Back-to-school season is a busy time and often means frantically gathering school supplies and clothes, making appointments and trying to get some organizational systems underway. It’s also a common time to move, as households move and settle into their new homes before the new school year starts.

With so many moving pieces, staying organized is essential to keeping your sanity as you create new routines. If you’re moving during the start of a new school year, read on for ways to stay organized and help reduce some of the chaos.

Eliminate before you move
When you’re moving, it can be easy to pack everything up instead of going through your items and determining what can stay and leave. While it takes more work on the front end to identify the things you can donate or throw out, it will be worth it when you move into your new home and don’t have to face that task. Editing down your belongings also means fewer items to pack.

Prioritize areas to organize
The start of the school year often means you’re extra motivated to have organizational systems and processes in place. When you move into a new house, prioritize the areas of the home that will make navigating the school day easier. Some common areas include:

  • Mudroom: The mudroom is the first entry point after a long day of school, work, sports and activities. It’s the place that corrals backpacks, coats, shoes, boots and all the miscellaneous items that inevitably end up coming home. Establish a system in the mudroom to keep this space running efficiently. Create a space for dirty shoes, wet rain boots and muddy uniforms.
  • Command center: A command center with a calendar, dry-erase board, bulletin board, charging station and a basket or drawer to collect paperwork will help keep sports schedules, permission slips and school calendars in order.
  • Breakfast section: Mornings can be the most chaotic time of day, so creating a spot where your older children can help themselves to breakfast can make the morning smoother. This may be a refrigerator drawer stocked with pre-made smoothies, drinks and perishable breakfast items or a low drawer filled with plates, bowls and any grab-and-go breakfast options so they can help themselves.
  • Snack station: Like a breakfast section, stock the refrigerator drawer with healthy after-school snack options, like pre-cut fruit and vegetables, and include a few easy-to-reach baskets in the pantry filled with post-activity snack options so your family can help themselves.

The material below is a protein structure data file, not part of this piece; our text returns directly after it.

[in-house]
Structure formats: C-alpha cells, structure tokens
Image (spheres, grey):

• Homework area: Whether your home has a designated homework room or your family prefers to sit at the kitchen island, make sure everyone has the materials they need to tackle homework at home, such as a charger for any school-required devices, paper, pens, pencils, scissors, glue sticks, calculator, etc.
  • Laundry room: Give each family member a designated laundry basket to corral their laundry, and create a space for muddy clothing to prevent the larger messes from spreading.

Order all school supplies to your new home
If you order your school supplies online, use the delivery address of your new home if you’re already in possession. These supplies often come in small packages and boxes, so having them sent directly to your new address will help lessen the number of items you need to pack.

Do a practice school route run 
Before the first day of school, do a dry run of how long it will take you to get to the school from your new home. Whether your child will be walking, taking the bus or driving, plan out your daily route so you can be confident of how long it will take you to get to school.

Hire the professionals
There is no need to do it all yourself. Hiring a professional organizer or moving team can help create the necessary processes to implement them in your daily routines. This upfront investment can pay off as you navigate the start of the new school year and settle into your new home with less stress.

Moving is a stressful process, and the start of the school year can bring up big feelings for children, especially if it’s a new school.

Published with permission from RISMedia.